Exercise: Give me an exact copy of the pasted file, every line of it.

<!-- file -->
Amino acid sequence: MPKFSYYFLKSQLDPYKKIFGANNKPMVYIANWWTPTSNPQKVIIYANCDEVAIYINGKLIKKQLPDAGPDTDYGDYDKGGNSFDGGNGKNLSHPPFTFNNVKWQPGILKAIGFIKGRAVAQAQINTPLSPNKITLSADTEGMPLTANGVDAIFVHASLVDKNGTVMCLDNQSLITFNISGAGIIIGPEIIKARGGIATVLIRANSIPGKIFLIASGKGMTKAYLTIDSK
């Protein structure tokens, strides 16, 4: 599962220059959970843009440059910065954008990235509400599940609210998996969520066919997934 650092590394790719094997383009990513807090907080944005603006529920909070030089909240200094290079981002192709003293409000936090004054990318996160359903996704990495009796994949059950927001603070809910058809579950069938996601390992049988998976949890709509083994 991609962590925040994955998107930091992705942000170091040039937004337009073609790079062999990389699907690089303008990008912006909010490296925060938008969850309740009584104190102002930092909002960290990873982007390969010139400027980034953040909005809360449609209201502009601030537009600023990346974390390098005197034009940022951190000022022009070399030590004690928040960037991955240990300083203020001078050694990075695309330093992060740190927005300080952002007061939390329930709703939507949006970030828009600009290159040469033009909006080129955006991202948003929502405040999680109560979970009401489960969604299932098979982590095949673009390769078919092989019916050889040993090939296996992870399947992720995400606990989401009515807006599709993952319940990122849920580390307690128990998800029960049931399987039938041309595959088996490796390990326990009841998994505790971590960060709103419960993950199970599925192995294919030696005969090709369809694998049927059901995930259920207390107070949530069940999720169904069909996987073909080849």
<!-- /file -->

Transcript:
Amino acid sequence: MPKFSYYFLKSQLDPYKKIFGANNKPMVYIANWWTPTSNPQKVIIYANCDEVAIYINGKLIKKQLPDAGPDTDYGDYDKGGNSFDGGNGKNLSHPPFTFNNVKWQPGILKAIGFIKGRAVAQAQINTPLSPNKITLSADTEGMPLTANGVDAIFVHASLVDKNGTVMCLDNQSLITFNISGAGIIIGPEIIKARGGIATVLIRANSIPGKIFLIASGKGMTKAYLTIDSK
């Protein structure tokens, strides 16, 4: 599962220059959970843009440059910065954008990235509400599940609210998996969520066919997934 650092590394790719094997383009990513807090907080944005603006529920909070030089909240200094290079981002192709003293409000936090004054990318996160359903996704990495009796994949059950927001603070809910058809579950069938996601390992049988998976949890709509083994 991609962590925040994955998107930091992705942000170091040039937004337009073609790079062999990389699907690089303008990008912006909010490296925060938008969850309740009584104190102002930092909002960290990873982007390969010139400027980034953040909005809360449609209201502009601030537009600023990346974390390098005197034009940022951190000022022009070399030590004690928040960037991955240990300083203020001078050694990075695309330093992060740190927005300080952002007061939390329930709703939507949006970030828009600009290159040469033009909006080129955006991202948003929502405040999680109560979970009401489960969604299932098979982590095949673009390769078919092989019916050889040993090939296996992870399947992720995400606990989401009515807006599709993952319940990122849920580390307690128990998800029960049931399987039938041309595959088996490796390990326990009841998994505790971590960060709103419960993950199970599925192995294919030696005969090709369809694998049927059901995930259920207390107070949530069940999720169904069909996987073909080849």